The reason why suffering exists isn’t a capricious God or even human freedom, but the simple fact of our mortality. Citing the Jewish prayer book Gates of Prayer, Lyon says: “ ‘Just because we are human, we are prisoners of the years. Yet that very prison is the room of discipline in which we, driven by the urgency of time, create.’ Freedom from that prison doesn’t come from seeking immortality; rather, freedom continues to be the privilege to choose the rules that will bind us. As Jews, we still choose to bind ourselves to the b’rit, the “covenant” that God made with our ancestors and with us for ‘our life and the length of our days’ (Deuteronomy 30:20).”

In a sense this brings us back to idea at the start of this post that Job’s story is a fundamentally human story. His suffering may have been more acute and sudden than most of humanity’s, but even had things not happened as they did, Job still would have buried people he loved, experienced financial setbacks, and suffered illnesses of his own. To suffer, to lose, to grieve is simply human.


Pulling the threads together here, the reading of this story that has emerged is that Job encounters God in a whirlwind, an image that is both full of personal meaning for him and his friends and an apt symbol of a God who is all-powerful and the scope of whose action is far more vast than can be contained or understood by human experience. Job’s encounter with God’s wondrous transcendence zooms out his vision from his own circumstances to the humbling appreciation of just how big and incomprehensible the world and the God who created it are. This doesn’t answer Job’s complaints or lessen his loss and grief, but reorients him and recasts his vision. I’m reminded of the Hebrew idiom “and he lifted his eyes and saw…,” which tends to be used to convey a psychological or spiritual perception more than a physical one. The theophany in the whirlwind allows Job to “lift up his eyes and see” his circumstances no longer through the limited understanding of the stories he was telling himself, but through God’s bigger vision of life.

In this way, this interpretation expands our awareness, because it asks us to similarly be willing to let go of our own stories and see our lives in God’s bigger picture. It also promotes growth and integration because, by asking us to see past our immediate circumstances, it asks us to drop our own sense of ‘good’ and ‘bad’, thereby allowing us to integrate more of our life experiences without judgment.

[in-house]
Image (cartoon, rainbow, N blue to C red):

And lastly, the emerging interpretation has a positive impact on those around us by challenging the simplistic ethic of retribution that is as common now as it was thousands of years ago. There is no satisfactory answer to the questions of injustice and human suffering, because what lost is genuinely lost. Rather, Job’s problem — that he, an innocent man, is suffering in the way that ‘sinners’ should — is resolved by expanding his vision beyond the idea of retributive justice to, ironically enough, the gracious, gratuitous love of God. And the story challenges us to do the same, both in our own sufferings and those of our neighbours.

Suffering will always be with us as long as we are mortal. The good news of Job’s story is that, as real and true as that suffering is, it isn’t the whole story. We too can face the whirlwind of our pain and grief and meet God there, in all God’s expansive, gratuitous, creative love.


Glazer, Nahum N., ed. The Dimensions of Job: A Study and Selected Readings. New York: Schocken, 1969.

Good, Edwin M. In Turns of Tempest: A Reading of Job. Stanford, CA: Stanford University Press, 1990.

Greenwald, Adam. “The Book of Job and the Paradox of Suffering.” Available from: https://www.myjewishlearning.com/article/the-book-of-job-and-the-paradox-of-suffering/.

Gutiérrez, Gustavo. On Job: God-Talk and the Suffering fo the Innocent. Translated by Matthew J. O’Connell. Maryknoll, NY: Orbis Books, 1987).

Hartley, John E. The Book of Job. Grand Rapids, Mich.: William B. Eerdmanns, 1988.

Lyon, David A. “Finding the Richness and the Glory in God’s Ways.” Available from: https://reformjudaism.org/learning/torah-study/bhar-bchukotai/finding-richness-and-glory-gods-ways/.

Ponet, James. “Job.” Available from: https://www.myjewishlearning.com/article/job.

Rohr, Richard. Job and the Mystery of Suffering: Spiritual Reflections. New York: Crossroad Publishing Company, 1996.

Seltzer, Robert M. “The Book of Job: A Whirlwind of Confusion.” Available from: https://www.myjewishlearning.com/article/the-book-of-job-a-whirlwind-of-confusion/.

Wilson, Lindsay. Job. Grand Rapids, Mich.: William B. Eerdmanns, 2015.